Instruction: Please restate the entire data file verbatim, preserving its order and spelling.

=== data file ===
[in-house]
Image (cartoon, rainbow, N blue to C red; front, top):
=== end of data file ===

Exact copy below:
[in-house]
Image (cartoon, rainbow, N blue to C red; front, top):